In the FP equation, that formally appears to be the usual one, there appears a force term that is an average at an earlier time. Nevertheless, by defining the Shannon entropy the usual way, he can introduce an entropy balance and obtain some inequalities relating the maximum work that can be extracted to an entropy pumping rate (I don’t understand whether this result is in any respect different from usual and peculiar to time-delayed systems). As regards the Fluctuation Theorem, there is a technical problem due to the fact that the formal inverse dynamics depends on the state of the system at a later time, thus making it acausal. At this point a question from the audience points out, correctly, that one could consider the forward probability of the inverse trajectory, rather than some conjugate acausal dynamics. I very much agree on this, because in experiments one does not reverse the direction of time, but rather looks at trajectories that look “as if” time was inverted, but that are sampled with the usual forward probability. Rosinberg then derives second-law like inequalities, that have nothing to do with the “physical” inequality that he obtained from the Fokker-Planck equation, leading to the conclusion that stochastic thermodynamics is not consistent anymore between different descriptions. Although this might well be an artifact of the very peculiar time-reversal procedure, because in this case the forward probability of the backward equation is different from the backward probability of the forward equation. In the linear case, one has Gaussian propagators; interestingly, the steady state is a Maxwell-Boltzman but with two different temperatures for velocities and positions, hence in a way breaking the equipartition theorem. Apparently, there exists an experimental technique (the Active feedback cooling of nanomechanical resonators) that is described by such a kind of Langevin equation.
A final comment connects to my general perplexity (see comment to Seifert’s talk the first day) about the Fluctuation Theorem being a theorem at all. One can always define an “entropy production” as the the logarithm of the ratio of two probabilities. The point is proving that this has any connection to physics, and apparently in this case it’s not so.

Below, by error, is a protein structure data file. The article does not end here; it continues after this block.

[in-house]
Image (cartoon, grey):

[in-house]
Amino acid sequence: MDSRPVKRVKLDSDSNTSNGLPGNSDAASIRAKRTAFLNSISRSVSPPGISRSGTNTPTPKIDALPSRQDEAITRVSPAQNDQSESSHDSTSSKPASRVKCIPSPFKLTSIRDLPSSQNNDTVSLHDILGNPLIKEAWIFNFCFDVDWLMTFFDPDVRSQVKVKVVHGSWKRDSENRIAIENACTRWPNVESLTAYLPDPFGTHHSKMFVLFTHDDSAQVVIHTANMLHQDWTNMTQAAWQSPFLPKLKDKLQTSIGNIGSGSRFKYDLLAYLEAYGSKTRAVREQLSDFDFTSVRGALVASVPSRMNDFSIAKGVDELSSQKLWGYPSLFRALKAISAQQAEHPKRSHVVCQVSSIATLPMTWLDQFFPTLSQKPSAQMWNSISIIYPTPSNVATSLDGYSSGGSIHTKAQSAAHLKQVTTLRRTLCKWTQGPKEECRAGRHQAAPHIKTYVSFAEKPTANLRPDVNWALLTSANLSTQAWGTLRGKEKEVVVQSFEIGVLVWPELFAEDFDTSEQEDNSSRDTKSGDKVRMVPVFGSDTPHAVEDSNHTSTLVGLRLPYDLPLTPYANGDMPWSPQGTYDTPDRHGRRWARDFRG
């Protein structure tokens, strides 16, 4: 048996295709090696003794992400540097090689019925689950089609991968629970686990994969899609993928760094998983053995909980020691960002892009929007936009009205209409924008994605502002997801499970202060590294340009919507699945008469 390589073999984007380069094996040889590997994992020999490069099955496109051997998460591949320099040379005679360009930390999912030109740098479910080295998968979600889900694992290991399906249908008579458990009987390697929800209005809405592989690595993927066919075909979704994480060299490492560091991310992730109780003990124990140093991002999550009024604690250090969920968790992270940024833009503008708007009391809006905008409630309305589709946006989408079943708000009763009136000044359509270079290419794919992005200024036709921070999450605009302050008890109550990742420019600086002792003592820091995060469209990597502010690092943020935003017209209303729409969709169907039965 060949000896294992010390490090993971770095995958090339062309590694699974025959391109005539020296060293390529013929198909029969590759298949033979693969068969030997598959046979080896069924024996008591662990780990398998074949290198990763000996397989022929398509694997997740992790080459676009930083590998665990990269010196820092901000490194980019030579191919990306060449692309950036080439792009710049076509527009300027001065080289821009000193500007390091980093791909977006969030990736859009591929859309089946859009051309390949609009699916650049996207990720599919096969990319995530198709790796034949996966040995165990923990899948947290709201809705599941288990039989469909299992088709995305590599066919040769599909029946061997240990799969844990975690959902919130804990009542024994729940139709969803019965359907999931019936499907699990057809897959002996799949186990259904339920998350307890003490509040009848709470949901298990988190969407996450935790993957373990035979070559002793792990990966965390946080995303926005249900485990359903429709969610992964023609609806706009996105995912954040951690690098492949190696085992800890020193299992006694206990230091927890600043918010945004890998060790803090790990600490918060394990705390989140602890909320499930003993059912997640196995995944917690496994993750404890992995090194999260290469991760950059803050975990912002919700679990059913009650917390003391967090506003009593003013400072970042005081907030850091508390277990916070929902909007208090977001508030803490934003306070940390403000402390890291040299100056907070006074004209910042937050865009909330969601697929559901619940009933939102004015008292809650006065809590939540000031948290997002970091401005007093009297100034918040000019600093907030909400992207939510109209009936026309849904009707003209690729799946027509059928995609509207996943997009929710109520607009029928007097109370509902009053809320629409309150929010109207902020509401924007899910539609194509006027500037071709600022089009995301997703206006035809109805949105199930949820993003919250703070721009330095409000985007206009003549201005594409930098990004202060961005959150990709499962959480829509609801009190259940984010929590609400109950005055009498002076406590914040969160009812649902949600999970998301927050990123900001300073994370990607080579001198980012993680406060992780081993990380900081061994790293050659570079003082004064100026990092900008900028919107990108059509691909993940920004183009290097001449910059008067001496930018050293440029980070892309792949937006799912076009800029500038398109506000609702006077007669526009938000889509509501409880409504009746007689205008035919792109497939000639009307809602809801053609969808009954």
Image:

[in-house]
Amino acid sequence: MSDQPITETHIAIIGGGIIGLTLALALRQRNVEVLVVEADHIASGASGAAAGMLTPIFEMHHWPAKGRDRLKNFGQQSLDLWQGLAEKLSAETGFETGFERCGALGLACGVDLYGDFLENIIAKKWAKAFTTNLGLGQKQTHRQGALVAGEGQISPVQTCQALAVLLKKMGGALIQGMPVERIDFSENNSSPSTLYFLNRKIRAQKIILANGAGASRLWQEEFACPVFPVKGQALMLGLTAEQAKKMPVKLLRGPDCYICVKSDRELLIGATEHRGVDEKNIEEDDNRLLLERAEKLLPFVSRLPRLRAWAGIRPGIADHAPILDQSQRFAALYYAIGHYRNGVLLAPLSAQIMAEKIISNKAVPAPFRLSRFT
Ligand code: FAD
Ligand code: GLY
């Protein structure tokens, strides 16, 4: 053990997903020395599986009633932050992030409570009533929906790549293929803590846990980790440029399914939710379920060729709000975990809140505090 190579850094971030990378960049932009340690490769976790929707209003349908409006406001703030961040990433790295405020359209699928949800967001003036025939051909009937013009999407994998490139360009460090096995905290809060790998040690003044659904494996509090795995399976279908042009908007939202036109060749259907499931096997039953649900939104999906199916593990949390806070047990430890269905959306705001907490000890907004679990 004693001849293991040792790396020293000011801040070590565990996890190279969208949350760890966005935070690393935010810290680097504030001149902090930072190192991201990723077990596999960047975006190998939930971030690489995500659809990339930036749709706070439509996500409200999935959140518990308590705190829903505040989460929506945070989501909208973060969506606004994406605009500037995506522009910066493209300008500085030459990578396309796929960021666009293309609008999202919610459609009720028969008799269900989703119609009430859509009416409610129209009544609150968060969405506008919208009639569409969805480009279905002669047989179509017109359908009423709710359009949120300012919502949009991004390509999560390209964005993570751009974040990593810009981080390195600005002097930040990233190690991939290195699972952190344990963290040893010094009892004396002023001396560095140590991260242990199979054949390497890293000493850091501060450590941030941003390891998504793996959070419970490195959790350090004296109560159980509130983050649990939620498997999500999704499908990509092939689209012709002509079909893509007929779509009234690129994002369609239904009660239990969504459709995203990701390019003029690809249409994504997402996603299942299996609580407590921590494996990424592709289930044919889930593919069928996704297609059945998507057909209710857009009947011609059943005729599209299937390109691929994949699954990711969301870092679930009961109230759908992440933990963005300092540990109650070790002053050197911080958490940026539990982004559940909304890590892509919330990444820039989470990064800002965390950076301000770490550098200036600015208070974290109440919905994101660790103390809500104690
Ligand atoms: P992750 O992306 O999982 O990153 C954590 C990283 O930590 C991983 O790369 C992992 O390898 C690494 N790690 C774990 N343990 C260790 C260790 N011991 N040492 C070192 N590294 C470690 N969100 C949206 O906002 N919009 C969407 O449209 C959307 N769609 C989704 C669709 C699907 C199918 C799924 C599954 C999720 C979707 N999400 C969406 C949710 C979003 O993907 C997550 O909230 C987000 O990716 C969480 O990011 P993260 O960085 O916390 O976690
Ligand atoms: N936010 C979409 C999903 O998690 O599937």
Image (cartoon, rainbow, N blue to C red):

– On the thermal Josephson effect (A. Engel): Engel first proposed some ideas he would like to explore as regards the fluctuating thermodynamics of phase-coherent heat fluxes across a Josephson junction. Nice experiments are available and it might be feasible to study Carnot cycles and all sorts of thermodynamic concepts but adding an inherently quantum, coherent nature. He has part of the theory, with all the creation and destruction operators, set up and this sounded like a call for collaboration that I hope somebody will pick up, as it sounds to be a very promising idea. I like this attitude of not caring for reservedness and for following other people’s trends, and making up fancy ideas.
He then moved to a completely different topic. Would it be possible to test the Fluctuation Theorem in non-thermal, macroscopic systems? In turbulence one has strong non-thermal fluctuations, that are stationary homogeneous and isotropic. Some results from a turbulent free ai jet of Renner and Peinke give strongly non-Gaussian distributions with hot tails at small scales (called “intermittency of turbulence”). This hierarchy of behavior is described by a Kolmogorov cascade that is described by a Fokker-Planck equation with respect to a parameter that moves across ranges (Friedrich and Peinke, PRL 1997). Then some FT holds, but this slide ends with the question “What is this good for?”, because in fact the “entropy production” appears to have no physical meaning (so, again, it’s a so-to-say “theorem”, see comment above). Funniest title for a slide: “A tale of tails”.